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and other stuff you don’t need to worry too much about! A few weeks ago most orthodontists received the April edition of the AAO “Bulletin.”  This edition was presented by the AAO Legal Department and discussed the Truth In Lending (TIL) regulation and made certain recommendations to orthodontists regarding what they should and should not be doing with respect to patient financing and payment plans.  The article immediately triggered a number of calls to our office from clients and other orthodontists and staff who wondered if the sky was falling because they were not doing some of what was recommended and were doing things that the Legal Department said not to do.  If you are busy and do not want to continue reading to the end of this, just pay attention to the small print above (under the title) and you will get the gist of the rest of this article.

First let me mention a few basics.  The Truth In Lending Act (TIL) was passed in 1968, 47 years ago, and every speck of that law, as well as the significant amendments to the regulation since then, had the intent of regulating the commercial credit granting business.  That includes banks, consumer finance, credit unions, automobile lending, and every conceivable sort of bank and retail store credit card issuing organization.  The main point here is that this important and useful regulation was not written nor intended to apply to an orthodontist in the honest pursuit of his or her business choosing to allow patients to make payments throughout the course of treatment.

No matter the intent of the writers of this regulation, technically the regulation does apply to orthodontists, even the 99% who do not charge interest!  That’s because the regulation applies to any credit grantor (that’s you!) that makes payment agreements of more than four installments, whether interest is charged or not.  How it applies, and much more important how it is enforced, is vague, unclear, and untested in the courts.  Since 1980 when I started my consulting career I have never met, spoken to, or even heard of an orthodontist who was prosecuted, sued, or even threatened with those over any issues related to TIL.  It is possible, I suppose, that has happened and if you choose to contact the AAO Legal Department to ask, make sure you get a specific case law reference so you can look it up.  I doubt you’ll find one!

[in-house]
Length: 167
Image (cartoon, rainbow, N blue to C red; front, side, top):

I cannot know if the writer of the AAO article was being facetious, sarcastic, or serious, but he actually said: “The orthodontist can avoid the necessity of TIL disclosures by limiting the number of installments…….”    Which means of course to limit payment plans for $6000 of orthodontic care to four payments or less!!

The author went on to state that an orthodontist offering a discount for payment in full, a practice followed by the vast majority of the profession throughout orthodontic history, must consider that discount a hidden interest charge and must disclose the annual percentage rate according to TIL requirements.  Again, while at a technical level the TIL regulation applies to orthodontists, the intent was never to regulate the business or the private practice of orthodontics.

Our advice to our clients is to do what you have always done and that is to honor the intent of Regulation Z (TIL).  That means that you accurately disclose the complete details of your credit granting, such as fees, payment amounts, late fees, due dates, etc., to your patients who make financial arrangements.  Don’t hide stuff.  Be honest.  Be transparent.  Keep your promises to your patients.  Do all that and you will not run afoul of the FTC and their TIL regulation.

Remember, the AAO attorneys, your personal attorney, etc. best serve you and the profession by providing advice that is intended to keep the members and clients out of any trouble.  They are not in place to help your practice grow, to be more efficient, or to be more profitable.  The problem with this, and other similar articles and legal opinions, is that they often provide counsel and advice that damages the practice efficiency and profitability.  Sometimes advice that is good in content is not so good in context, and I believe this recent article falls into that category.


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